Post-transcriptional investigation of platelet aggregation

Platelets represent the second most abundant cell-type in human blood. The primary function of platelets is to survey blood vessels for injury, and to instigate coagulation processes at sites where the endothelium has become damaged. Aside from their haemostatic task, they are also regenerative in nature, as instrumental regulators of angiogenic processes that ultimately serve to repair damaged tissue as a consequence of vascular injury. Importantly, platelets are highly dynamic cells that possess the capacity to respond instantaneously to diverse activating stimuli, triggering their release of a broad range of bioactive molecules including growth factors, chemotactic cytokines and phospholipids serving either hemostatic of regenerative purposes.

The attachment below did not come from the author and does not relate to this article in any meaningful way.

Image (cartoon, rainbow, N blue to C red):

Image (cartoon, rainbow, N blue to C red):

We are currently in the midst of initial in vitro and in vivo studies that are designed to investigate the role of Quaking in regulating platelet aggregation. Based on these studies we are determining the post-transcriptional role of QKI in platelet function, aggregation and wound repair.